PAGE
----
And you know what? The only ones that can stop the power of zero is us.  Yes, there are men telling women that nobody wants to see curvy women on the catwalk and that Barbie needs lipo on her supposed cankles —but at the end of the day, it is us, girls, women, and yes, those who love them that have to stand up and say “enough!”

Yes. Enough.

I have heard enough.

I have seen enough.

I am enough.

It is Thursday of Fat Talk Free Week. If you have been successful at stifling the inner critic in your head or the body basher in your life—congratulations—keep going.  Not just this week but every week. This is a life long commitment to body esteem.

And to those of you who haven’t gotten there yet—can I just say it now? You are enough. You are powerful. You are amazing—straight and tall to bodaciously curvy. It’s time for you to say it.  Say it out loud.  To your friends. To your family.  To the girls and women who study with you—work with you- laugh with you. Say it. Say it now.

And then, listen. After all, you need to hear it too.

Dr. Robyn Signature

Avatar Diet: Being thin in "second life" can make you thin in your first?

Credit: RTI International

Credit: RTI International

The Avatar Diet: Does this Avatar Make My Butt Look Big?

Dr. Robyn Silverman

Trying to get rid of that belly fat? Looking to thin down those thighs? Want to straighten out your body image and “combat obesity” while looking at your computer screen? It’s time to join the virtual world!

If you were ever wondering if a vitual representation of oneself (Second Life) could really have any influence on the fitness or appearance of the actual person in real life, according to one study out of the Journal of Virtual Worlds Research, it can.

The researchers at RTI suggest that having a physically fit and thin avatar may just be the next thing to put this “obesity epidemic” behind us.  I mean, who needs Atkins or South Beach when you can have The Avatar Diet? The researchers found that having a thin and physically avatar fit may encourage individuals to become healthier and more physically fit in their real lives.  Yes– that’s right– people are more likely to engage in physical activities in their real lives if their avatars in Second Life engage in physical activities.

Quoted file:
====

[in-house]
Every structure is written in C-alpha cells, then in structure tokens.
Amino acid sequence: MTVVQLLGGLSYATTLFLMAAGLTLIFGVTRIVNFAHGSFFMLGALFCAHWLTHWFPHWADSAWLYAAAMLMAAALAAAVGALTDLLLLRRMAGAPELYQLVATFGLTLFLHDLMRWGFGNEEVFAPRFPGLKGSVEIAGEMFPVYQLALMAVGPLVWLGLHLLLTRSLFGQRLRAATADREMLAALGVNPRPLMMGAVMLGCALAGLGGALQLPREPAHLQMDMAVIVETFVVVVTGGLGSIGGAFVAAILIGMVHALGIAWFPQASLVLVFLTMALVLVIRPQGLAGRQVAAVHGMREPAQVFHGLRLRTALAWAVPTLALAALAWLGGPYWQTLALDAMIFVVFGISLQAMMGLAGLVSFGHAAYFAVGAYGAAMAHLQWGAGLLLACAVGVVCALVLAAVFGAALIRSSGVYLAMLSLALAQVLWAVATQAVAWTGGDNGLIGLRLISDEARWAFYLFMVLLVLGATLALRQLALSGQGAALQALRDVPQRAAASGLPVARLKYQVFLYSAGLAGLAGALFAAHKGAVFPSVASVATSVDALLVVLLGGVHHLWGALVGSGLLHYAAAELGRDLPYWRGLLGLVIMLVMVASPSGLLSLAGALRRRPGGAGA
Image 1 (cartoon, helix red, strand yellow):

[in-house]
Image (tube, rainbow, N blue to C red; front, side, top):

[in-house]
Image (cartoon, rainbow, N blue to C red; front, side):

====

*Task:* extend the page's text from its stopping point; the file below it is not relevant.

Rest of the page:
“Based on these preliminary results, it seems likely that virtual reality users may adjust their identity to be consistent with that of their avatars,” –Elizabeth Dean (research survey methodologist at RTI and the study’s lead author)

The results suggest that 80 percent of respondents who reported high levels of physical activity for their avatars reported participating in high levels of physical activity in their real lives. This is where it really gets strange for me though– this link is suggested to be causal (the avatar is thin which causes the person to go and get fit too)– rather than a simple correlation (the avatar is thin AND the person is thin). It seems logical that if someone was to make a representation of themselves, that if they were “fit” and going to the gym, they would make their avatar do so as well.  It would “represent” them.  Not sure where the causal link idea is coming in– especially because good research does not suggest causation– simply, correlations.  But I digress…

Another aspect of the study showed that if the participants were interviewed by a thin avatar for this study rather than an obese avatar (this is just getting strange), the participant would be more likely to confess a higher BMI (Body Mass Index).  In addition, almost 3/4 of participants, when interviewed by the thin avatar, told the interviewer that their avatar was also thin.  But when interviewed by the obese avatar, only 1/3 of participants described their avatar shape as thin. Apparently, people like to bend the truth about their own bodies in Second Life around thin avatars.  Geez.  Just like high school again.

Interestingly, the virtual world is becoming a place where some health professionals are sending their clients for treatment.  Since people are apparently influenced by their avatars, and want to live up to what they put out there in the virtual world, hanging out in Second Life could make a difference in one’s first.

Are they creating virtual gyms and virtual low cal meals too? This one remains to be seen.  Considering that this study was only done with 27 participants (a very low research number which provides very low power to the results), we can’t totally buy what these researchers are saying. And of course there is the lingering question– does size really matter?  Does it really have to?

But no doubt, people will give “avatar diet” a shot.  No quick pill to lose weight this time– just a quick dose of Second Life.